Among hymnbooks published by members of the Lord’s church for use in churches of Christ, “Redeemed, How I Love to Proclaim It” has appeared in the 1948 Christian Hymns No. 2, and the 1966 Christian Hymns No. 3 both edited by L. O. Sanderson; the 1959 Majestic Hymnal No. 2 and the 1978 Hymns of Praise both edited by Reuel Lemmons; the 1965 Great Christian Hymnal No. 2 edited by Tillit S. Teddlie; the 1971 Songs of the Church, the 1990 Songs of the Church 21st C. Ed., and the 1994 Songs of Faith and Praise all edited by Alton H. Howard; the 1986 Great Songs Revised edited by Forrest M. McCann; the 1992 Praise for the Lord edited by John P. Wiegand; the 2007 Sacred Songs of the Church edited by William D. Jeffcoat; the 2009 Favorite Songs of the Church and the 2010 Songs for Worship and Praise both edited by Robert J. Taylor Jr.; and the 2012 Psalms, Hymns, and Spiritual Songs edited by Steve Wolfgang et. al.; in addition to Hymns for Worship and Sacred Selections.

The song enumerates some of the blessings available to those who have redemption in Christ.

I. From stanza 1 we learn that those who are redeemed are cleansed by the blood of the Lamb

Redeemed, how I love to proclaim it!

Redeemed by the blood of the Lamb;

Redeemed through His infinite mercy,

His child and forever I am.

  1. We are not redeemed by silver or gold but with the precious blood of Jesus the Lamb: 1 Pet. 1:18-19
  2. This makes salvation according to God’s infinite mercy: Tit. 3:5
  3. The result is that we are enabled to become spiritual children of God: Gal. 3:26-27

II. From stanza 2 we learn that those who are redeemed are in Jesus and He in them

Redeemed, and so happy in Jesus,

No language my rapture can tell;

I know that the light of His presence

With me doth continually dwell.

  1. Those who are in Christ are redeemed just as God’s chosen people of Israel were redeemed: Isa. 63:7-9
  2. The light of His presence dwells in them: Jn. 8:12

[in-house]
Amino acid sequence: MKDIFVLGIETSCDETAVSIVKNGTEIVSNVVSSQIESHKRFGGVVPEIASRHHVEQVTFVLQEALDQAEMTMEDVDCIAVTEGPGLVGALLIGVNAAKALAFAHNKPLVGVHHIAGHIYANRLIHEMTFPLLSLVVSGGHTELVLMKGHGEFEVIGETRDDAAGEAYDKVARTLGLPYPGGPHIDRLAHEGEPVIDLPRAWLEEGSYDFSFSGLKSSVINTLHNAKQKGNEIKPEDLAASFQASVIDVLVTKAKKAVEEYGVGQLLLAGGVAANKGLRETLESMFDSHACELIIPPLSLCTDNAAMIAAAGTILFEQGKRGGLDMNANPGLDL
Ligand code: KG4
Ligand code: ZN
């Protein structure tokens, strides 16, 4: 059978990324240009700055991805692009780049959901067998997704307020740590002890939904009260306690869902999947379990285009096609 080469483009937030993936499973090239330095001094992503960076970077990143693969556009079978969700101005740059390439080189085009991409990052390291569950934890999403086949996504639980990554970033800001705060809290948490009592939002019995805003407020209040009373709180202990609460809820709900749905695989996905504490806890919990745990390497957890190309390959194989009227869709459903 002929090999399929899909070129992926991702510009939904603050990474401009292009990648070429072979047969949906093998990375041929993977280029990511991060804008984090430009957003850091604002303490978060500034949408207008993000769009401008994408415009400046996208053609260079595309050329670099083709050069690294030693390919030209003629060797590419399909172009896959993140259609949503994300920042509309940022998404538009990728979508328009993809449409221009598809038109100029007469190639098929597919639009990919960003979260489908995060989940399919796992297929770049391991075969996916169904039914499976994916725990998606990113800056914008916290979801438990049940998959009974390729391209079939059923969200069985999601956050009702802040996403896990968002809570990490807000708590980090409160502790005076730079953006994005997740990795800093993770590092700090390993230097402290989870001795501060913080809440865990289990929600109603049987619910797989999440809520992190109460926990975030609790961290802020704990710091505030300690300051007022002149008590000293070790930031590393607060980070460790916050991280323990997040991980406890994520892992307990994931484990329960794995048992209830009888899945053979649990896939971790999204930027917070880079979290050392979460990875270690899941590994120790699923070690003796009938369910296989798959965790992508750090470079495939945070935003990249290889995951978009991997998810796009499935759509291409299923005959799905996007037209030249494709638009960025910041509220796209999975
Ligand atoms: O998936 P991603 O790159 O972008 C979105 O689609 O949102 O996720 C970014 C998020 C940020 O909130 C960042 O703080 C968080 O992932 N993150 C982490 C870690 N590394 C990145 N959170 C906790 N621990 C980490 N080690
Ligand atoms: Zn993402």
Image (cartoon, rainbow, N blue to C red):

3. Thus, they dwell in Him as they allow Him to dwell in them: Jn. 15:4-7

III. From stanza 3 (not in HFWR), we learn that those who are redeemed can sing with joy

I think of my blessèd Redeemer,

I think of Him all the day long:

I sing, for I cannot be silent;

His love is the theme of my song.

  1. The redeemed think of their Redeemer all the day long because of His goodness and mercy: Ps. 107:1-2
  2. As a result, they sing praises to Him: Col. 3:16
  3. And the theme of their song is His love: 1 Jn. 3:16

IV. From stanza 4 (#3 in HFWR), we learn that those who are redeemed look forward to seeing the King

I know I shall see in His beauty

The King in whose law I delight;

Who lovingly guardeth my footsteps,

And giveth me songs in the night.

  1. The hope of the redeemed is that when Christ comes we shall see Him as He is: 1 Jn. 3:1-2
  2. Until then, we look to Him to guard or keep our footsteps: 1 Pet. 1:3-5 (“kept by the power of God”)
  3. And as we do, He gives us songs in the night: Job 35:10

V. From stanza 5 (also not in HFWR) we learn that those who are redeemed hope for a crown

I know there’s a crown that is waiting,

In yonder bright mansion for me,

And soon, with the spirits made perfect,

At home with the Lord I shall be.

  1. There is a crown laid up for all the redeemed who truly love the Lord: 2 Tim. 4:6-8
  2. This crown will be given when we reach the mansion prepared by Christ: Jn. 14:1-3
  3. Then we shall be at home with the Lord along with the spirits made perfect: 2 Cor. 5:6-8, Heb. 12:23

CONCL.:  The chorus echoes the glad theme of redemption in Christ

Redeemed, redeemed,

Redeemed by the blood of the Lamb;

Redeemed, redeemed,

His child and forever I am.

The idea of redemption means a buying back.  Mankind is separated from God by sin and thus becomes a slave to Satan.  But God wishes to buy us back and so provides forgiveness of sin.  What a blessed privilege it is to be “Redeemed!”